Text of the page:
Ever wondered why fruits and vegetables are calling ‘living’ foods, and processed foods are called ‘dead’ foods? This is because fruits and vegetables secrete enzymes that are needed for the digestion of that particular food. Processed foods on the other hand, don’t come with their own enzymes, or they are killed off during pasteurization e.g. orange juice, skim milk.

Therefore, a diet high in fruits and vegetables requires less energy and less digestive enzymes from the body’s own internal reserve. Processed foods put a greater demand on the body to produce enzymes.

Damage to enzyme production sites

Let’s recap where digestive enzymes are produced:

  • Salivary glands (often not an issue)
  • Stomach
  • Pancreas
  • Small intestine

If inflammation or damage exists in any of these areas, the ability to produce enzymes will weaken. Some examples of damage are:

  • Food sensitivities e.g. wheat, dairy, corn
  • Overgrowth of bad bacteria due to factors such as: stress, overuse of antibiotics, acid-blocking drugs, a diet high in sugar, refined carbohydrates and alcohol.
  • A chronic digestive issue, such as IBS, Crohn’s, colitis


The most common reason for low digestive enzymes is our dietary habits – fortunately, this is simple to fix. I also recommend using a digestive enzyme supplement to help close the gap faster, and bring about more immediate relief.


Thankfully, digestive enzymes are very safe, affordable and effective.


Take 1-2 capsules before a meal, perhaps 5-10 minutes beforehand. Pro tip: keep these on your countertop, bag or desk, wherever you will see them and won’t forget!

Use them until you no longer feel symptoms after a meal.

Purchase considerations:
  • Are you vegan or vegeterian? Look for plant-based enzymes. If not, you can opt for enzymes that come from the pancreas of animals, known as pancreatic enzymes.
  • Is it full-spectrum? Make sure the enzymes contain amylase, protease, and lipase so that you are getting help with digesting all three macronutrients.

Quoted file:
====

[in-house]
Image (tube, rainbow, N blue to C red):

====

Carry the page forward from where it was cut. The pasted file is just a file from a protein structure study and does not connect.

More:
• Has your gall bladder been removed? You’ll want extra support for digesting fats, look for a formula with ox bile.

For a plant-based formula, I recommend this one from Nu Life.
For an animal-based formula that contains ox bile and hydrocholoric acid for added support, I recommend this one from NOW (clients have loved it!)

Note: you can also find digestive enzyme supplements that specifically address:

Ideally, I suggest avoiding these foods if they cause you trouble. But heck, sometimes you want to enjoy a cultural delicacy, French pastry or your favourite traditional food. Keep these handy and pop an enzyme beforehand.

  • Eat more foods with live enzymes e.g. a piece of fresh fruit everyday, a big salad for lunch
  • Eat slowly, and in smaller portions
  • Eat until satisfied and not full
  • Replace processed snacks with real, whole foods e.g. swap chips for hummus and veggies
  • Minimize sugar and alcohol intake

All of the steps above will not only help with improving your digestive enzyme status, but it will also help increase levels of stomach acid, which goes hand in hand with enzymes for proper digestion.

About Alina

I'm a Holistic Nutritionist based in Toronto, Canada and my official title is Certified Nutritional Practitioner (CNP). I received my diploma in Applied Holistic Nutrition from the Institute of Holistic Nutrition. I'm a coach and an educator. Follow Alina on Facebook, Twitter, Pinterest and Instagram for all of the latest updates.